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What Is Bilingual Education?

They say the United States of America is like the melting pot, its ancestors came all over the globe to make up the population of the most powerful country in the world. It is for that reason that the U.S. has no official language, even though the majority of schools are taught in English. The students who speak other language feel lost, confused, and uncomfortable, but there is a solution to this – bilingual education. Everybody is talking about it, but no one fully understands the meaning, purpose, and benefits of bilingualism and bilingual education for children. So, let professionals from Icheapessay.com get back to business.

 

Children talking

 

Bilingual Education: Meaning and Goals

Bilingual education is a program that involves teaching academic content in two languages (the native and second one) with varying amounts of each language used, according to the program of an educational institution. In a bilingual classroom, a professor teaches both in English and the students’ native language. The switchover is done gradually in order to give the students time to adjust. Bilingual education focuses on the learners being fluent in both languages and holding on to their culture.

There are many challenges with bringing together different elements of the school community in the sense of academic preparation, social and language differences. What may help is bilingual education, where students who are native Spanish speakers, for example, get native language instruction alongside English-native speakers who want to learn Spanish. So, using such a simple scheme, students who are learning English are tutoring the students who are learning Spanish. In other classes, native English speakers assisting the native Spanish speakers with comprehension on things and working together as peers.

Usually, bilingual programs start in the 6th grade, where students have their core classes in English (math, social studies, science, language), and three electives ones. Two of those elective classes actually would be for the bilingual program (usually, it is reading and language arts). In 7th grade, they learn geography in the second language to learn about another culture using new vocabulary. By the 8th grade, schools offer one class in the second language, using a more advanced level of vocabulary. So, before the school leaving age, the students become proficient in the second language.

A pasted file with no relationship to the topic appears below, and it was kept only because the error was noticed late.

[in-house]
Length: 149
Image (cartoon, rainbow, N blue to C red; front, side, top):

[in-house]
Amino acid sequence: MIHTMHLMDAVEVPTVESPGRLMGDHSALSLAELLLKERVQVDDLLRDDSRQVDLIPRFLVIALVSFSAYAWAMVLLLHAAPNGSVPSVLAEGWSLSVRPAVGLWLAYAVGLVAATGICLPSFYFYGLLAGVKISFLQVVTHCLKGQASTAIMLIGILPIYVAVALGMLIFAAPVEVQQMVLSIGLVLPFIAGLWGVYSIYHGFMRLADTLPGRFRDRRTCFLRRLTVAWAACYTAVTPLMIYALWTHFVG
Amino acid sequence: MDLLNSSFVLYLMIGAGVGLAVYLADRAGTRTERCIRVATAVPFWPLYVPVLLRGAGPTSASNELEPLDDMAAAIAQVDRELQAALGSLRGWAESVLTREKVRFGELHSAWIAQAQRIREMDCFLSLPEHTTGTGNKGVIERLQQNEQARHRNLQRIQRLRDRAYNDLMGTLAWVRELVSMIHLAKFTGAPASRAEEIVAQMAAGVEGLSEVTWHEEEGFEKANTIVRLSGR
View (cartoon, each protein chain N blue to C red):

Bilingual education strengthens the cognitive processing and analysis ability of children. They can go to the skills that they have in the other language to support and increase the skills in the second language.

Benefits of the Bilingual Education

 

Bilinguals

 

There are many different approaches to bilingual education as well as to teaching and learning subjects such as math and science through an additional language. Content and Language integrated learning approach (CLIL) is the most frequently used one. At school with CLIL approach, math and science teacher help learners to master the content of the subject and acquire the necessary vocabulary to do this. It encourages language learning skills such as summarizing, asking for clarification, and dictionary skills.

If you look at the bilingual program, students do not only learn the terms that they use in a subject lab, for example. There is also day to day terms. For instance, when a professor decides on the variant you get on an exam, he or she “toss a coin” to get “heads or tails”. In the average grammar book, you won't find this expression.

So, besides the increase of mental flexibility and development of inter-cultural skills, there are at least two main reasons to incorporate bilingual programs into our education system: a cognitive and economic one.